Pretty soon lie piled on top of lie, so we ended up with a Richard Nixon/Bill Clinton type situation, where the lies were far worse than the original crime. When we finally unraveled it all, I had to apologize to the other girl’s mother.

And I punished my daughter, who was old enough to know better. I took her screens away – her online games and her YouTube access – for a month.

I am an adult bully
The Danish parents around me were horrified.

The idea of punishment, in Danish eyes, is old-fashioned and maybe a bit criminal in itself. From the Danish point of view, almost all problems can be solved by talking about them.

The Danish parents believed I should have simply spoken strongly to my daughter, and explained to her that that it’s not OK to get someone else in trouble, while trying to save your own butt, after doing something colossally stupid. The explanation is the remedy.

By adding a penalty, they believe, I was just being an adult bully.

It’s OK to impose fines
This doesn’t mean there are no penalties in Denmark. The Danes are big on fines. You’ll see the controllers prowling the S-trains in Copenhagen, asking to see tickets, and raining down a giant fine on those who don’t have them. Even if you have a ticket, but not precisely the correct ticket, you still get the fine. No questions allowed, no pity.

You can get a fine for bicycling aggressively, and you get an automatic fine for paying a bill even one day late. And because Denmark is a centralized system based around your CPR number, these fines get added to your taxes or taken away from your government benefits, so there’s no avoiding them.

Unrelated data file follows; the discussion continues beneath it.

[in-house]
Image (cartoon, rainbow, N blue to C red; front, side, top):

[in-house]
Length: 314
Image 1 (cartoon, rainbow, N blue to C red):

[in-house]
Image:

A society built on trust
But larger crimes leave Danes at a loss. This is a society built on trust. You see that trust everywhere – coats left on unguarded coat racks, bikes barely locked, children as young as 8 or 9 taking public transportation alone.

At my post office, people send their expensive packages by putting them into a big open bin. It wouldn’t take a very bright or ambitious criminal to just take a couple of promising-looking packages back out again and be on his way.

Why not look at the video?
Danish society is not set up to expect criminal behavior, or to guard against it. When that trust is broken, Danes aren’t entirely sure what to do.

My daughter’s school is in a suburb of Copenhagen, and nearly every weekend, someone smashes up the local S-train station. They break the elevator, bust up the benches, and cover the walls and windows with graffiti.

There is a working video camera in the station, so in my American naïveté, I said, why not look at the video, find out who it is, and arrest that person or persons?